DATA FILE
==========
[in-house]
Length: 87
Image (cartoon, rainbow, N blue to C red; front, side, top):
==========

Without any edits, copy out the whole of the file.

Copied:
[in-house]
Length: 87
Image (cartoon, rainbow, N blue to C red; front, side, top):